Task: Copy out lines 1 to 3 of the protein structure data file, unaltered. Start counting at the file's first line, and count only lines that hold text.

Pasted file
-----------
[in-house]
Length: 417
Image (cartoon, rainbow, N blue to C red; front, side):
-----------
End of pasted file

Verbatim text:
[in-house]
Length: 417
Image (cartoon, rainbow, N blue to C red; front, side):